The Alabama Legislature opened its session on March 1 on a note of humility and compassion. In the Senate, a Christian pastor asked God to grant members “wisdom and discernment” to do what is right. “Not what’s right in their own eyes,” he said, “but what’s right according to your word.” Soon after, both houses passed, and the governor signed, the country’s cruelest, most unforgiving immigration law.
The law, which takes effect Sept. 1, is so inhumane that four Alabama church leaders — an Episcopal bishop, a Methodist bishop and a Roman Catholic archbishop and bishop — have sued to block it, saying it criminalizes acts of Christian compassion. It is a sweeping attempt to terrorize undocumented immigrants in every aspect of their lives, and to make potential criminals of anyone who may work or live with them or show them kindness.
It effectively makes it a crime to be an undocumented immigrant in Alabama, by criminalizing working, renting a home and failing to comply with federal registration laws that are largely obsolete. It nullifies any contracts when one party is an undocumented immigrant. It requires the police to check the papers of people they suspect to be here illegally.
The new regime does not spare American citizens. Businesses that knowingly employ illegal immigrants will lose their licenses. Public school officials will be required to determine students’ immigration status and report back to the state. Anyone knowingly “concealing, harboring or shielding” an illegal immigrant could be charged with a crime, say for renting someone an apartment or driving her to church or the doctor.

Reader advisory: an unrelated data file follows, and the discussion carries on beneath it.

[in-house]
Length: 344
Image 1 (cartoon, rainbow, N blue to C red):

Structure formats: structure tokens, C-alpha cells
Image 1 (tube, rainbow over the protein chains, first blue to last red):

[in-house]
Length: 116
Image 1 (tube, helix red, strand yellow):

The American Civil Liberties Union and the Justice Department have also sued, calling the law an unconstitutional intrusion on the federal government’s authority to write and enforce immigration laws. The A.C.L.U. warns that the law would trample people’s fundamental rights to speak and travel freely, effectively deny children the chance to go to school and expose people to harassment and racial profiling.
These arguments have been made before, in opposition to similar, if less sweeping, laws passed in Arizona, Utah, Indiana and Georgia. What is remarkable in Alabama is the separate lawsuit by the four church leaders, who say the law violates their religious freedoms to perform acts of charity without regard to the immigration status of those they minister to or help.
“The law,” Archbishop Thomas Rodi of Mobile said in The Times, “attacks our core understanding of what it means to be a church.”
You’d think that any state would think twice before embracing a law that so vividly brings to mind the Fugitive Slave Act, the brutal legal and law-enforcement apparatus of the Jim Crow era, and the civil-rights struggle led by the Rev. Dr. Martin Luther King Jr. But waves of anti-immigrant hostility have made many in this country forget who and what we are.
Congress was once on the brink of an ambitious bipartisan reform that would have enabled millions of immigrants stranded by the failed immigration system to get right with the law. This sensible policy has been abandoned. We hope the church leaders can waken their fellow Alabamans to the moral damage done when forgiveness and justice are so ruthlessly denied. We hope Washington and the rest of the country will also listen.